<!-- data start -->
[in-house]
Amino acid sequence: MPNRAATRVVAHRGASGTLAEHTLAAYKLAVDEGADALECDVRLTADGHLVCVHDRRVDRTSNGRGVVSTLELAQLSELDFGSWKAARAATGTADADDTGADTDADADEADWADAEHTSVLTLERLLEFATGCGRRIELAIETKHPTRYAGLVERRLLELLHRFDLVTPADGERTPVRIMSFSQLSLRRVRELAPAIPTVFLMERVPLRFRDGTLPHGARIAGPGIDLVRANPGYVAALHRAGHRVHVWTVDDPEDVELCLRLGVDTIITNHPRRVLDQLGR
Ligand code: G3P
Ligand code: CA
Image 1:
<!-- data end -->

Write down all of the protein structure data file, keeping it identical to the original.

[in-house]
Amino acid sequence: MPNRAATRVVAHRGASGTLAEHTLAAYKLAVDEGADALECDVRLTADGHLVCVHDRRVDRTSNGRGVVSTLELAQLSELDFGSWKAARAATGTADADDTGADTDADADEADWADAEHTSVLTLERLLEFATGCGRRIELAIETKHPTRYAGLVERRLLELLHRFDLVTPADGERTPVRIMSFSQLSLRRVRELAPAIPTVFLMERVPLRFRDGTLPHGARIAGPGIDLVRANPGYVAALHRAGHRVHVWTVDDPEDVELCLRLGVDTIITNHPRRVLDQLGR
Ligand code: G3P
Ligand code: CA
Image 1: